Fans of Super Smash Flash rejoice! The amazing developers at McLeod gaming are back and this time, they are going all out with their newest release. Version 0.9 of the sequel to one of the most ambitious flash based fighting games is out and from the looks of things, Super Smash Flash 2 will be so much more than just a sequel to and already impressive game: it will be a reinvention of everything we know about it. Right now, the demo version is already pretty close to being finalized, but there are still plenty of content missing –such as the special missions and more importantly, the already announced and confirmed multiplayer mode. Considering how much we loved the original, there is no doubt that the sequel is on top of our must-play list.
The original game did not have much in terms of an opening cinematic, but for SSF2, we get to see a wide range of the game’s playable roster featured in an opening sequence worthy of a Capcom arcade machine. The 2D sprite based characters give reference to their original shows –such as Kirby riding on a star, and the multi colored Yoshis running across the screens. More importantly, we get a closer glimpse at many of the game’s new cast –such as Hudson’s Bomberman and Bleach’s Kurosaki Ichigo.
The detailed intro video also hints at a more important thing: that the developers are truly putting a lot of effort into the game. The quality of animation in SSF2 is astoundingly impressive –with various characters featuring a wide range of moves available and even detailed animations when left standing in a single spot. Most characters even get a power upgrade when using the smash ball in-game item –unlocking even more move sets and in some cases, all new character models (most particularly, Son Goku –who not unlocks the Super Saiyan mode, but also has a third form).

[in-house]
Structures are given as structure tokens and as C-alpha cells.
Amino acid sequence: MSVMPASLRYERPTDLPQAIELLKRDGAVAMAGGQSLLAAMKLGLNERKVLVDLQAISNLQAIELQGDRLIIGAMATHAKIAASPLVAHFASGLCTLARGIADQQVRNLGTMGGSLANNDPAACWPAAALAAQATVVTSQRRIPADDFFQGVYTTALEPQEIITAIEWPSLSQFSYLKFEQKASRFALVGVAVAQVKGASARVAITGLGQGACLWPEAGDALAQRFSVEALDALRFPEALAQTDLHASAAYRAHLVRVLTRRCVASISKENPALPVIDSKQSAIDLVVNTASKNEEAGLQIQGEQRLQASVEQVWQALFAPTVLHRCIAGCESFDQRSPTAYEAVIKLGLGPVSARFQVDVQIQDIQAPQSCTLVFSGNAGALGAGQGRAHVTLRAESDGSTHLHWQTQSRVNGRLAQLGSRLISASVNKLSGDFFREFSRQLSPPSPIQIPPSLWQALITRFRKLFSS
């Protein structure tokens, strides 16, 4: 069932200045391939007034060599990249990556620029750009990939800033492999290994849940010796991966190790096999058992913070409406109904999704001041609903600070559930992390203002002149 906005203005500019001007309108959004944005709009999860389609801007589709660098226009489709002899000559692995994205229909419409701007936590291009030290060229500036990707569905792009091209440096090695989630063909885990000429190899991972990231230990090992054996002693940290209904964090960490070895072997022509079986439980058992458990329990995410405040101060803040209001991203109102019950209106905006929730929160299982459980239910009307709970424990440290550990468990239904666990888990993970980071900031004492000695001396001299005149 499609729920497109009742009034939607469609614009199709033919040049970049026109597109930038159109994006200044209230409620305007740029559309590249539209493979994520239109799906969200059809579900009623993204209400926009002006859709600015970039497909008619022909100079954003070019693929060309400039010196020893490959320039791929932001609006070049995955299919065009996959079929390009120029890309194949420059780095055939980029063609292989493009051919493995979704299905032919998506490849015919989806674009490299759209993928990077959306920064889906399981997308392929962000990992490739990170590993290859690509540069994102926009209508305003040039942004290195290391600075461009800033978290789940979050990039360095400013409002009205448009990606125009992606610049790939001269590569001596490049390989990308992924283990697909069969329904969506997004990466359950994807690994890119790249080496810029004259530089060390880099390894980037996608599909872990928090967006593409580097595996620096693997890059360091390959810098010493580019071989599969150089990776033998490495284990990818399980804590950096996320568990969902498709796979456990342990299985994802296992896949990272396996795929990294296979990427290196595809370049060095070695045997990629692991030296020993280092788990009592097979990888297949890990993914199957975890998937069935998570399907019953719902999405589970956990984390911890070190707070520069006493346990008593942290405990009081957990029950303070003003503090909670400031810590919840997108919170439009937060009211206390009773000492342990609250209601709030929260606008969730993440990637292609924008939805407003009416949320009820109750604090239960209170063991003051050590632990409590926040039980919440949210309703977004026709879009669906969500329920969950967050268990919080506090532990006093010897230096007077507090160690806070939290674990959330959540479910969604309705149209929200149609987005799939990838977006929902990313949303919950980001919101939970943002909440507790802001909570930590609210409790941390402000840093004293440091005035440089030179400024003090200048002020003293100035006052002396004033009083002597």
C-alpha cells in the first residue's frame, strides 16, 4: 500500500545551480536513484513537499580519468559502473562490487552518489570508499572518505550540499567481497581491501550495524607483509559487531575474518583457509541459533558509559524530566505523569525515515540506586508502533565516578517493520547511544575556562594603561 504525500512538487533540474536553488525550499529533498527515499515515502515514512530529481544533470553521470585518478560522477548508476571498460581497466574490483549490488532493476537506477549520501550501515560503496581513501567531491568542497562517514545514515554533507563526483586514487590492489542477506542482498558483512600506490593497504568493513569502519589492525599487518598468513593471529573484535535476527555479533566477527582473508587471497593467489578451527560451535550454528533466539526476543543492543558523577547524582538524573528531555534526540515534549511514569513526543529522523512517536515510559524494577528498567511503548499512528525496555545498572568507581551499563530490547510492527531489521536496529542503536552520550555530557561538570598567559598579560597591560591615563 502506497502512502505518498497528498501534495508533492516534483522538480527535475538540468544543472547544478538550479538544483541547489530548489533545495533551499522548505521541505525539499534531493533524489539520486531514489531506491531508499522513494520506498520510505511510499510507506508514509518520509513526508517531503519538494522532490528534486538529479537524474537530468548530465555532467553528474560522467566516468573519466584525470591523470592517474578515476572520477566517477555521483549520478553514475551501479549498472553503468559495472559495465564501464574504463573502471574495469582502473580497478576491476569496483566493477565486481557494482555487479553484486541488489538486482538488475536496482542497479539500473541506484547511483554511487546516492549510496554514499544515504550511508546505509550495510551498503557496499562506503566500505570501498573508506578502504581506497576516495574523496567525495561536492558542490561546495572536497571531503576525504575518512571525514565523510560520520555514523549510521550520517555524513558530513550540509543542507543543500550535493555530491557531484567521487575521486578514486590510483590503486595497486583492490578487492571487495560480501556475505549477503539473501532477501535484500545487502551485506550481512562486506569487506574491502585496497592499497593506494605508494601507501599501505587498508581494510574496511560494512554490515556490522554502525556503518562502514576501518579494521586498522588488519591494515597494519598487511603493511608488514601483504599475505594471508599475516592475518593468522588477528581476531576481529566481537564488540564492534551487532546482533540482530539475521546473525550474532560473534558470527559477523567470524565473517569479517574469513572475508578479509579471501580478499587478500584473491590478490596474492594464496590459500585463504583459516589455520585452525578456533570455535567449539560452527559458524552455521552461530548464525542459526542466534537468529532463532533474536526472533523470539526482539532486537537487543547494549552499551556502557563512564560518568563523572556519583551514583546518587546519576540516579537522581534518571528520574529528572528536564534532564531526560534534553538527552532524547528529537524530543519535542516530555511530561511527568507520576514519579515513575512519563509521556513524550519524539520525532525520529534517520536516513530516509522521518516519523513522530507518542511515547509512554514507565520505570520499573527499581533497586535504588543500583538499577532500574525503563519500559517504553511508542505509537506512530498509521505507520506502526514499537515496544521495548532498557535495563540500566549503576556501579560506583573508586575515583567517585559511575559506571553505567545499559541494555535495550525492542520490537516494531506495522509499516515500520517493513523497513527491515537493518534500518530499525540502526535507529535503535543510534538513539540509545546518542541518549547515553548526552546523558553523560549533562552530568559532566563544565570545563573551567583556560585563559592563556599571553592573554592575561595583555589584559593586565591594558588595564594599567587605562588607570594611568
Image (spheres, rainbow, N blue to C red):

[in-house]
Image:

The smoother animations and better character models are sure to impress fans of the first game, and it would be completely easy to miss out on another cool detail: the improved backgrounds. The stages are still 16-bit renderings of many iconic gaming locales, but the attention to detail is pretty astounding. There are also plenty of stage-related animations such as moving platforms, collapsible (and respawning) floors, and the occasional hazards. Each element has been carefully designed to fit in with the stage and more importantly, to add more depth to combat mechanics and playing tactics.
One of the first things we tried in the demo of SSF2 are the various events –in these modes, players get to play around with some interesting fantasy match ups that play to specific themes. “Gotta Catch Em All” is a Pokemon theme battle that pits a fighter of your choice against all the various Pokemon in the game. The second event is an all-swords fight between the various sword wielders of SSF (Sora, Ichigo, Link, etc). At first, we were astounded by the sheer amount of new content already available –demo version 0.9 already has the regular combat mode, several single player special stages, a fully functional training module (where you can set the presence of stage items, CPU levels, etc), and several incomplete event matches. Short of a fully functional multiplayer system –the game is pretty much close to being finalized.
Indeed, the vast number of playable modes is awesome, but it was not until we actually got into the combat did we see the true value of this game. Super Smash Flash 2 deserves support for third party controllers. That is just how in-depth and well made the combat system is. Each character has an incredibly vast amount of moves –a massive improvement over the original game. The volume of moves alone do not make up for a good fighting game however, and the well-thought-of abilities for each character shows how much effort McLeod gaming has put into creating an in-depth fighting game worthy of an online community.
Each character has his/her/its set of signature moves –drawing plenty of inspiration from the original series they come from. At the same time, there are a wide variety of charge, link, aerial recovery, dash, and even super moves (usually triggered by obtaining a smash ball) for players to learn and master. The combat against the CPU AI is already deep and challenging, but expect to see to creatively amazing match ups once the game is able to support online matches.